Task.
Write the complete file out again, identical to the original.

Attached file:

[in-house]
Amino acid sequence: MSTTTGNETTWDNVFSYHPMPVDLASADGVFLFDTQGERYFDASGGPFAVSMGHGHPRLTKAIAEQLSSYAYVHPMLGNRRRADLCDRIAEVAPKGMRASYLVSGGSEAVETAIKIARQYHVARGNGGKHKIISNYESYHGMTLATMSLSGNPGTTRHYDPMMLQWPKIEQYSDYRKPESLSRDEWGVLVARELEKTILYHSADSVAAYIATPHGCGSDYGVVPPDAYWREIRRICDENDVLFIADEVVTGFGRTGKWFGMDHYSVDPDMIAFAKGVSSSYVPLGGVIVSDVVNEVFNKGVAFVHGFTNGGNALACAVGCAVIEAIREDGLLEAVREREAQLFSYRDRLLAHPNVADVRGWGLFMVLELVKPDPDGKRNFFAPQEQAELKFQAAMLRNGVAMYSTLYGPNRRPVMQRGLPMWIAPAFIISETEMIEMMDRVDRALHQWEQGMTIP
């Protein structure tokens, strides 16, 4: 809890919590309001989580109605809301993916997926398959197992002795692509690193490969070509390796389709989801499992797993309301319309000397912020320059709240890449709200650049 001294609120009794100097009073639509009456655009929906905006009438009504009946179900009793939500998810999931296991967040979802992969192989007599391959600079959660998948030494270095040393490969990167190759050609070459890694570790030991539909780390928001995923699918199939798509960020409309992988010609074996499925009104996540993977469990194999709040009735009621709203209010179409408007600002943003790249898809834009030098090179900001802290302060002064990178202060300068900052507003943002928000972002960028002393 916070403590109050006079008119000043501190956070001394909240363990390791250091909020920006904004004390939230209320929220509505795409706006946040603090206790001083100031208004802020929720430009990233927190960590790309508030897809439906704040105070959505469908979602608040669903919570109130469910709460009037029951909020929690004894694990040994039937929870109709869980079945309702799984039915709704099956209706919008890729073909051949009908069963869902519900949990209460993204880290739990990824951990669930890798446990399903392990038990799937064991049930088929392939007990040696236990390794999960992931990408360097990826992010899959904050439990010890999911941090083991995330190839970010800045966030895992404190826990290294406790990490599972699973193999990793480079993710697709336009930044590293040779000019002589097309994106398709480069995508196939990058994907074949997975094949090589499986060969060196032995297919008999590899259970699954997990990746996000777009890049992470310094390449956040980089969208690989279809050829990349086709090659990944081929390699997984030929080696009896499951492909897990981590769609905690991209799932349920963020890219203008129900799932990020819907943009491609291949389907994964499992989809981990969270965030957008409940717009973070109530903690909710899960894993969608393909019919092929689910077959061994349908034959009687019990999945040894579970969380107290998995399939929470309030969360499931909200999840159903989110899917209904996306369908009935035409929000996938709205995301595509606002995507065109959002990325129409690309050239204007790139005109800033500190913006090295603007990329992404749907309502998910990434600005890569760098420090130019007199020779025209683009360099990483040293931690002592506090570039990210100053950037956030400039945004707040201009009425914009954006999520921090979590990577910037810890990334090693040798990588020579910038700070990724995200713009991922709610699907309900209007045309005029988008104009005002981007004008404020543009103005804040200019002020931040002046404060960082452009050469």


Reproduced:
[in-house]
Amino acid sequence: MSTTTGNETTWDNVFSYHPMPVDLASADGVFLFDTQGERYFDASGGPFAVSMGHGHPRLTKAIAEQLSSYAYVHPMLGNRRRADLCDRIAEVAPKGMRASYLVSGGSEAVETAIKIARQYHVARGNGGKHKIISNYESYHGMTLATMSLSGNPGTTRHYDPMMLQWPKIEQYSDYRKPESLSRDEWGVLVARELEKTILYHSADSVAAYIATPHGCGSDYGVVPPDAYWREIRRICDENDVLFIADEVVTGFGRTGKWFGMDHYSVDPDMIAFAKGVSSSYVPLGGVIVSDVVNEVFNKGVAFVHGFTNGGNALACAVGCAVIEAIREDGLLEAVREREAQLFSYRDRLLAHPNVADVRGWGLFMVLELVKPDPDGKRNFFAPQEQAELKFQAAMLRNGVAMYSTLYGPNRRPVMQRGLPMWIAPAFIISETEMIEMMDRVDRALHQWEQGMTIP
């Protein structure tokens, strides 16, 4: 809890919590309001989580109605809301993916997926398959197992002795692509690193490969070509390796389709989801499992797993309301319309000397912020320059709240890449709200650049 001294609120009794100097009073639509009456655009929906905006009438009504009946179900009793939500998810999931296991967040979802992969192989007599391959600079959660998948030494270095040393490969990167190759050609070459890694570790030991539909780390928001995923699918199939798509960020409309992988010609074996499925009104996540993977469990194999709040009735009621709203209010179409408007600002943003790249898809834009030098090179900001802290302060002064990178202060300068900052507003943002928000972002960028002393 916070403590109050006079008119000043501190956070001394909240363990390791250091909020920006904004004390939230209320929220509505795409706006946040603090206790001083100031208004802020929720430009990233927190960590790309508030897809439906704040105070959505469908979602608040669903919570109130469910709460009037029951909020929690004894694990040994039937929870109709869980079945309702799984039915709704099956209706919008890729073909051949009908069963869902519900949990209460993204880290739990990824951990669930890798446990399903392990038990799937064991049930088929392939007990040696236990390794999960992931990408360097990826992010899959904050439990010890999911941090083991995330190839970010800045966030895992404190826990290294406790990490599972699973193999990793480079993710697709336009930044590293040779000019002589097309994106398709480069995508196939990058994907074949997975094949090589499986060969060196032995297919008999590899259970699954997990990746996000777009890049992470310094390449956040980089969208690989279809050829990349086709090659990944081929390699997984030929080696009896499951492909897990981590769609905690991209799932349920963020890219203008129900799932990020819907943009491609291949389907994964499992989809981990969270965030957008409940717009973070109530903690909710899960894993969608393909019919092929689910077959061994349908034959009687019990999945040894579970969380107290998995399939929470309030969360499931909200999840159903989110899917209904996306369908009935035409929000996938709205995301595509606002995507065109959002990325129409690309050239204007790139005109800033500190913006090295603007990329992404749907309502998910990434600005890569760098420090130019007199020779025209683009360099990483040293931690002592506090570039990210100053950037956030400039945004707040201009009425914009954006999520921090979590990577910037810890990334090693040798990588020579910038700070990724995200713009991922709610699907309900209007045309005029988008104009005002981007004008404020543009103005804040200019002020931040002046404060960082452009050469």